by Rod D. Martin
May 7, 2006
As you may have already heard, Sherri was diagnosed with breast cancer last week.
We do not yet know the fullness of the prognosis. We do know that the situation is sufficiently severe that she must begin chemotherapy immediately, preparatory to surgery, and begin radiation treatments thereafter as well. She’s going to be a very sick girl for a while. And she needs a lot of prayer.
I want you to know that her morale is very good, and she is, as she has always been, perfectly certain in the Lord’s faithfulness, perfectly content in His grace. It would be very easy for anyone to be shaken by this; in fact, it would be rather extraordinary for anyone not to be. But it is not merely husbandly affection which causes me to say that she is the most extraordinary woman I have ever known. No matter what life has thrown at her — and both the blessings and the adversities have frequently been like unto Job’s — she has pressed deeper into Christ, trusting without hesitation or fail that He would perfectly work His perfect plan in her trials and in her, all with a quiet assurance, the sweetest of spirits, and a beatific smile. And for His part, He has blessed her in all things, even the worst, without exception, just as she has trusted, whether this was obvious at the time or not. This will surely be no different.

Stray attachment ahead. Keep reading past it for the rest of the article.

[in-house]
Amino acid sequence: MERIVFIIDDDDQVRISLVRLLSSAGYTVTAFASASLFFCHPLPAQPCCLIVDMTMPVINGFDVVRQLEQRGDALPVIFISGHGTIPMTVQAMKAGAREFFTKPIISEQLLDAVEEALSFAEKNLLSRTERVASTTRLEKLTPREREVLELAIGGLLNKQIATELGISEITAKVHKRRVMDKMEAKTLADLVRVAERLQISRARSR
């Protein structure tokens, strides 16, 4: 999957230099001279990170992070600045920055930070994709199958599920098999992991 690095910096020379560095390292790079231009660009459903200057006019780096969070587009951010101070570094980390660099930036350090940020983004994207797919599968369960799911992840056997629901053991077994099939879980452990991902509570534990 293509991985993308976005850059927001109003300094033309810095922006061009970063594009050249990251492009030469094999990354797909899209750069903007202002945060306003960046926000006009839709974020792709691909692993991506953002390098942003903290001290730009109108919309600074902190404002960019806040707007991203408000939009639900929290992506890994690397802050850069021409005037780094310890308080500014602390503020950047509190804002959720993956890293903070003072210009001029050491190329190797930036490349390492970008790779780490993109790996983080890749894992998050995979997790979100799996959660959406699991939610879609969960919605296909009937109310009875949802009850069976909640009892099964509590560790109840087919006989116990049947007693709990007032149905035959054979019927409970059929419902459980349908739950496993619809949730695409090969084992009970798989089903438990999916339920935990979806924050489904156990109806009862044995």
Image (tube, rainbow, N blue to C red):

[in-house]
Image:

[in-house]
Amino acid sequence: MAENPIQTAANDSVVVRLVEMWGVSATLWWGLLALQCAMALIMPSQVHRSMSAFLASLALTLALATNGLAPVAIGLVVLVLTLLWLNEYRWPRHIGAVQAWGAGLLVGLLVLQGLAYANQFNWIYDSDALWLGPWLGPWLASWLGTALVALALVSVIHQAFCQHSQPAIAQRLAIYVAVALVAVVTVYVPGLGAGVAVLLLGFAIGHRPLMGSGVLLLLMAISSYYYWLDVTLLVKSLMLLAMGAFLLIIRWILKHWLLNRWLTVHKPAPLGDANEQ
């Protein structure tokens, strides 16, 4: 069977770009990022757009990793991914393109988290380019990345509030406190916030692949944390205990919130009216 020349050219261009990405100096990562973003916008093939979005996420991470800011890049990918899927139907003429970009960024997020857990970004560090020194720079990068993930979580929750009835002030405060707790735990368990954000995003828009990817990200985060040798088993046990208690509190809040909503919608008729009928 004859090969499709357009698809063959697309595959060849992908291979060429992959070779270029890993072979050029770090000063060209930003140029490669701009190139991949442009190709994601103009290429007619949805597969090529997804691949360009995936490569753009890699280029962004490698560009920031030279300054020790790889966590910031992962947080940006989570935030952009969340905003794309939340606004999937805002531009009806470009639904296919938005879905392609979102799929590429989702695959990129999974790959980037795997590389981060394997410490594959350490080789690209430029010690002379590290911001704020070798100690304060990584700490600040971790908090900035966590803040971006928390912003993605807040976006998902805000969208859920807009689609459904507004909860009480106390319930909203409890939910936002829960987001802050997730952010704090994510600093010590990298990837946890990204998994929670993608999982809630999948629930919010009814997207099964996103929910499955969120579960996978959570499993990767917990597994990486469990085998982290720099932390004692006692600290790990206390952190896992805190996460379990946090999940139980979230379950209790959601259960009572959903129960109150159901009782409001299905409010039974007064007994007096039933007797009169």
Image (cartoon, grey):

Sherri would say with Paul that to her “to live is Christ, and to die is gain;” but from her and our limited perspectives, there is much yet to be done in this life, and we certainly could not contemplate a life without her. We will of course do everything in our power to make sure she has the best medical care available. Yet our fate is not in the hands of mere men, but of the Father alone; and while we would not presume to impose our will on His plan, we nevertheless ask that He would cure her — as quickly and painlessly as possible — and we ask you to mobilize all the resources at your disposal to pray for that as well.
It is not only for Sherri — her cure, her comfort, her morale, and all her other needs — that I ask you to pray. Those of us closest to her, particularly the children and I, need to be strong for her, and for each other. We need the sort of near-perfect faith she demonstrates to us every day, and we need to fill the many, many gaps which she would normally fill. We can do none of these things as well as she — and I least of all — yet we cannot afford the luxury of failure.
We are very grateful for the friendship of so very many of you; and our hope is in Him Who heals both the body and the spirit.
The covenant holds,
Rod, for Sherri, Dolly, Archer and Haley